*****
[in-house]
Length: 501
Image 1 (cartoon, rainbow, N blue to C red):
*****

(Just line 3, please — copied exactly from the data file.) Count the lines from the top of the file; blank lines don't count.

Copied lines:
Image 1 (cartoon, rainbow, N blue to C red):